My mum. I don't know when I started calling her "mum". Much longer than after I moved out of the state and relied on PBS releases of BBC comedy for my lessons in culture, style and, occasionally, diction. This is not exactly make me the hot and witty chick the men I wanted WANTED. I was a bit strange.
To this day the word banana is pronounced "BAH-nah-nah". Anything too nasal just does not belong to fruit. No.
And as I write this: the sports bra I was wearing exploded. Danskins/Freestyle, front zip just separated company and popped apart under my 2000 french blue man's shirt with the name 'Atticus" over the heart, on the pocket. My name is not Atticus but the character of Mister Finch lingers, close enough to remind me how people are, how mobs behave, where fear belongs. Maybe I am still a bit strange.
I threw away the sports bra; it was the not the first instance of zipper divorce. I gave it another shot at my chest and BOOM mid-post. Like I've written much in the last year, five years? Still: I am counting that as the one damn thing that does not succeed in what it should do that I am throwing away TODAY.
Anyway. (is it a word? will spell check scold me?). The word I use for a verbal bash of the typewriter bash of the carriage to the left with the right hand while the left advances the paper with a very clicky leaver: anyway. The "movin' on" word. Bash to the right, click to the left. Advance.
"Anyways, Mom..." sitting alone in the tiniest of hallways on the beige carpet, still wet from the cast iron tub I fill more than once a day, soaking up the heat in that huge cast iron vat in what is truly the basement. the cheapest sweetest apartment in Seattle. So I could live with just myself. Bob was the apartment manager although I was so young I thought of him and called him the landlord.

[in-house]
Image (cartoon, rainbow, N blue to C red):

Gay Bob. Smallish man, very strong, bald or shaved head. Skipping down 419 E. John steps of an early 1920 building on Capitol Hill in leather gear. Chaps. Hat. Greets his potential new tenant of the basement unit who came with her mother to check out the unit by the dumpsters. Perfect first apartment for some young stupid girl, freshly crushed. And a bit odd.
Don't worry, Bob says to my mother, I will look out for her. An angel.
And my beloved Bob did just that. For four? six years? Two units, many lovers, and four cats/pet deposit fees, non refundable. He watched out for me.
I loved thinking that Bob was the first OUT gay man my mum met. That the outrageous-ness, the kindness and nobleness of Bob flavored how she thought of homosexuals and the fringes of men in general. There are men out there, near strangers, that will swear to you - you! A woman! - that they promise to watch over the dearest receptacle holding of a piece of your heart. To help. Unbelievable.
Bob kept his word.
"Mom" became "my mum" after she died. Either I can be regressing into 1990 BBC productions, or I am distancing myself from the moment the one became the other.
And here I still am, sprawled on beige rental carpet of my first apartment, wet in a towel, talking into a red plastic phone on a World Market rattan chest. Talking on the phone to my mother. Who I miss.